on Highway Workzones
With or Without Workers Present
By Peter Schelden
Special to the Tribune
A traffic law takes
effect today across Nevada that imposes double penalties against motorists
speeding in construction sites whether or not workers are
The new law applies whether or not an area is fully marked as a construction
site, according to a Nevada Department of Transportation news release.
Sparks resident Richard "Skip" Daly, business manager
of Reno based Laborers' Union Local 169, was instrumental in this law's
"The whole thrust of the law," Daly said, "is to make
highways safer, to make drivers slow down and use caution. We're concerned
about people's lives."
Not all residents are happy about the new law. Sparks taxi driver and
former owner of a highway safety company Kirby Hawkins said that
the new law is too strict.
"When workers are present, everyone should slow down," Hawkins
said. "When they're not there and the road looks nice and clear,
I don't see any problem doing the [usual] speed limit."
Daly said that the new law protects drivers more than construction workers.
"When you see orange cones, you should slow down," Daly said.
"It's for your own damn good. I know nobody likes to hear that,
but four out of five workzone deaths are motorists."
Hawkins said that the new law's lax restrictions on marked construction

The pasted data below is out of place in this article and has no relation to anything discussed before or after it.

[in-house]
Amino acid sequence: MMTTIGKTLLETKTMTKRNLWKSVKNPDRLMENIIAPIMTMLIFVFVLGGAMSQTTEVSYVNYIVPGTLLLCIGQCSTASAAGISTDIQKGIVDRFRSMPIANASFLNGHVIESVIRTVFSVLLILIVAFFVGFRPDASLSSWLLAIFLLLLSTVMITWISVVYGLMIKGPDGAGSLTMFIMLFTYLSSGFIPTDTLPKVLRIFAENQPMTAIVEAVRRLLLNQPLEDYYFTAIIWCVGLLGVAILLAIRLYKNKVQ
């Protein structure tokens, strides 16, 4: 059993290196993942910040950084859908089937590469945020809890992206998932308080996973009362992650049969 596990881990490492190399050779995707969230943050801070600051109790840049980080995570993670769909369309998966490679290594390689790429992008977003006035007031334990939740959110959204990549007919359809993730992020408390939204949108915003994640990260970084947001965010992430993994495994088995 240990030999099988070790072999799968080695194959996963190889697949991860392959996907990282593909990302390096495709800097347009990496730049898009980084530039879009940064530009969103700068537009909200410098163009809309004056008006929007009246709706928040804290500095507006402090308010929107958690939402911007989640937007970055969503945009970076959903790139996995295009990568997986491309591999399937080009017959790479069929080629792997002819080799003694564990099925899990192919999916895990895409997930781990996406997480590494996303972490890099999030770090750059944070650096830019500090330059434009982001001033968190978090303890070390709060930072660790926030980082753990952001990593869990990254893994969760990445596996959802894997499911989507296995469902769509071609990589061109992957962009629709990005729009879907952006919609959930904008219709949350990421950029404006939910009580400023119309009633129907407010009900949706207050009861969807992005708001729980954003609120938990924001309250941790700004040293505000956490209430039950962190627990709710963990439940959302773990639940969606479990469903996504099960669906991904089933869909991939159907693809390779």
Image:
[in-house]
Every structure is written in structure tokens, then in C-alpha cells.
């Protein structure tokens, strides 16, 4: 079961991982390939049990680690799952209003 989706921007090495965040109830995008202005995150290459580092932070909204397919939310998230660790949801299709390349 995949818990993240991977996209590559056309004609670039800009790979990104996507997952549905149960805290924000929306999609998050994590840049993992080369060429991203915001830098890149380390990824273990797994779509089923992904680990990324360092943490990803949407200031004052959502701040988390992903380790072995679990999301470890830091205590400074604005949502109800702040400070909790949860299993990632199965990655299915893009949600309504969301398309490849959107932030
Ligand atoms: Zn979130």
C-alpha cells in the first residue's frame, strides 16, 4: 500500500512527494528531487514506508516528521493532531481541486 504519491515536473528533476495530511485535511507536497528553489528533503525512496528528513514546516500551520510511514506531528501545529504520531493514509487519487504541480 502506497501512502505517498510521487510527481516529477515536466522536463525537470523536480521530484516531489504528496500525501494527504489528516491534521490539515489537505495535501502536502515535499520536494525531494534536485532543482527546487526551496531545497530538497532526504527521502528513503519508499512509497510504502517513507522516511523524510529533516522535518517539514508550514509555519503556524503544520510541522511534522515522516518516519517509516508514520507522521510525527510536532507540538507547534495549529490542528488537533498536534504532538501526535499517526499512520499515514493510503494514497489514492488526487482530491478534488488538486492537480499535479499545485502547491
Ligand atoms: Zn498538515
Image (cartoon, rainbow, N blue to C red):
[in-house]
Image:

sites could cause problems for offending motorists.
"It should be marked," Hawkins said. "Boy, that would
just upset the hell out of me if the road was nice and clear and a police
officer fined me double in a work area."
Daly said that construction workers are still supposed to put the sign
up, but the Nevada law reads that an otherwise offending motorist "is
not relieved of any criminal liability because signs are not erected."
This provision to the law applies only if the violating motorist injures
a highway construction worker or causes property damage equal to $1,000
The new law allows for stronger penalties for driving offenses committed
in road construction sites. These penalties include increased fines
up to $1,000, up to 120 hours of community service, or up to six months
"One hundred and twenty hours of community service, that's three
full weeks of work," Daly said of the new, tougher penalties.
The new law also requires mandatory prosecution of any motorist who
injures a highway construction worker while performing highway maintenance
Copyright © 2003 Daily Sparks Tribune
Used by permission
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